Cooking With Eighth Wonder Heirloom Rice

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Rice is among my favorite starches. I’d rank it well ahead of potatoes, except perhaps waxy new potatoes dug fresh from the garden. Until last weekend when I tried some <a href=”http://www.heirloomrice.com/catalog/product_info.php?products_id=113″ target=”_blank”>Ifugao Diket Sticky Rice</a> sourced from <a href=”http://www.heirloomrice.com/index.php?p=home” target=”_blank”>Eighth Wonder, Inc.</a> (a purveyor of heirloom rice grown in the Philippines) I thought brown rice was pretty exotic and about as tasty as that grain gets. When given the choice between brown rice and pasta, I probably pick pasta about 65 percent of the time. With this beautifully pigmented and nutty-flavored Eighth Wonder Heirloom Rice added to the mix, the pasta vs. rice decision just got a lot tougher for me.</p>
<p>Last weekend after a day of hanging, taping and mudding sheetrock in my slow-but-sure mudroom repair project (hoping for no more frozen pipes) I felt like dinking around in the kitchen with a partner in culinary crime who tolerates my experiments incredibly graciously. And since I had this package of Ifugao Diket Sticky Rice from Eighth Wonder Heirloom Rice, and a freezer full of grass-fed lamb sourced from GRIT publisher <a href=”http://www.motherearthnews.com/blogs/blog.aspx?blogid=1182″ target=”_blank”>Bryan Welch’s farm</a>, I had a plan.</p>
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<p>I followed the directions on the back of the Ifugao Diket Sticky Rice from Eighth Wonder Heirloom Rice package to the letter. The rice cooked up plump, maroon and sticky. I had to sample it as it was – it tasted nutty and had a nice tooth – not mushy at all. As the rice was resting, I heated up my favorite 12-inch, cast-iron skillet with a tablespoon of olive oil in it. When that was good and hot, I added about a pound of ground lamb along with a diced onion and sliced jalapeño – I stripped the seeds and then rubbed my eye and did some other things that made me remember why I like to just leave the jalapeño seeds alone. I browned the works. Actually I just browned the lamb and by then the veggies were just right.</p>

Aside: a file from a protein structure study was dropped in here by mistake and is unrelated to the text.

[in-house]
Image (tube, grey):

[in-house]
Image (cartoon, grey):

<p>With the flame turned down low, I added a couple of cups of cooked Ifugao Diket Sticky Rice from Eighth Wonder Heirloom Rice and tossed it around until the rice grains were more or less unstuck. A little sea salt and <a href=”http://www.penzeys.com/cgi-bin/penzeys/p-penzeysnorthwoodsfire.html” target=”_blank”>Northwoods Fire Seasoning</a> (daughter Alaina gave it to me for Christmas) later, I had a delicious dish on my hands. Supper that night also included some awesome simmered carrots with a dill gravy on them and a heavenly, crunchy-crusted, no-knead rye bread – both compliments of my partner in culinary crime (she had a second helping of my lamb and Ifugao Diket Sticky Rice dish, which I take as a good sign).</p>
<p>Not one to let leftovers go to waste, I ate the rest of the Ifugao Diket Sticky Rice from Eighth Wonder Heirloom Rice for breakfast the next morning – it was delicious reheated with a pat of butter and drizzle of homemade cane syrup. I have a couple of other varieties of heirloom rice from Eighth Wonder yet to try. I can’t wait.</p>
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<a href=”http://www.grit.com/biographies/oscar-h-will” target=_self>Hank Will</a>
<em> raises hair sheep, heritage cattle and many varieties of open-pollinated corn with his wife, Karen, on their rural Osage County, Kansas farm. His home life is a perfect complement to his professional life as editor in chief at GRIT and Capper’s Farmer magazines. Connect with him on </em>
<a title=Google+ href=”https://plus.google.com/u/0/117459637128204205101/posts” target=_blank rel=author>Google+</a>.</p>